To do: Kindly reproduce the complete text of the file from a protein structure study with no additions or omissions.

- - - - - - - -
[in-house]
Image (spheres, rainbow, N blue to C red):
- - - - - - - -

[in-house]
Image (spheres, rainbow, N blue to C red):